Delighted to discover a new reedbeds landscape this week, this time at Sculthorpe Moor Nature Reserve, just outside Fakenham. It’s only 8 miles from my home but although I was aware of it, I haven’t visited before (a mistake), as I normally head for the north Norfolk coast and the saltmarshes and reedbeds there.
Sunday was a blustery and changeable early spring day, with scudding clouds and more bright sunshine as the day unfolded. The reserve is larger than I thought with extensive winding boardwalks providing comfortable and easy exploration. Lots of benches too. I had my camera with me but no sketchbook, which I’m going to put right on my next visit (soon).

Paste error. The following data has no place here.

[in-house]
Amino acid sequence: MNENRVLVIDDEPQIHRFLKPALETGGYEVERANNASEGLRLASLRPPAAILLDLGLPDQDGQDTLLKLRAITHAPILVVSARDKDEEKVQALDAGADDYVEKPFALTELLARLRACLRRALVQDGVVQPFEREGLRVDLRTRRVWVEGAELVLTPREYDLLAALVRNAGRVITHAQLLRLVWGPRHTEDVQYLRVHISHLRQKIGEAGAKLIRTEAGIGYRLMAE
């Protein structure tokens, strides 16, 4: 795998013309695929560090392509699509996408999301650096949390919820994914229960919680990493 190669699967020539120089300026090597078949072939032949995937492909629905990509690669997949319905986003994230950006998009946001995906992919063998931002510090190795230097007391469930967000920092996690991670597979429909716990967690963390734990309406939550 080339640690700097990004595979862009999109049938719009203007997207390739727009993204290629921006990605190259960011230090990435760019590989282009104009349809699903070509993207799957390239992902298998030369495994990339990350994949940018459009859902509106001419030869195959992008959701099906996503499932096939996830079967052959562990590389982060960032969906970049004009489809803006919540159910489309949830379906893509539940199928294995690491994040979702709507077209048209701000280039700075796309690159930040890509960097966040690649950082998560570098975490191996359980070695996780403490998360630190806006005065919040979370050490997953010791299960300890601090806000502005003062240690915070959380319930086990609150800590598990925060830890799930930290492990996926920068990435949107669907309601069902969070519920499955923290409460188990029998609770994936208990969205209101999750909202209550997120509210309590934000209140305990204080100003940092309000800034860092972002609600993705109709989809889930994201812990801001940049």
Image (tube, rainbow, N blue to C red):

I loved the variety of habitat – white birch trunks standing out against the furze of woodland, the meandering river Wensum, its banks lined with pollarded willow, catkins already out, reedbeds and open meres (with great views from several hides). Lots of birdsong, which you’d expect in spring in a place popular with birdwatchers. Speaking of which, the peace and quiet was more noticeable and welcome given that any visitors encountered were talking fairly quietly being there mainly for the birds and wildlife.
Movement of wind in the reeds and bulrushes, sparkling sun on the water, movement of branches, reflections, fenceposts punctuating the reedbeds … these obviously all fed into my subconscious because a few days later in the studio, after some experimental markmaking, I produced these mixed media on paper pieces, which I’m rather excited by! (And yes, I did see some interesting birds).
I always find it remarkable how the experience of a place can “bubble up” in work. I enjoy the movement in these recent pieces of yours.
Many thanks Gregory, glad you enjoyed the post.